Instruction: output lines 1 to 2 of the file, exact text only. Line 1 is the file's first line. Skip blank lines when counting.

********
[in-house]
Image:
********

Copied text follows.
[in-house]
Image: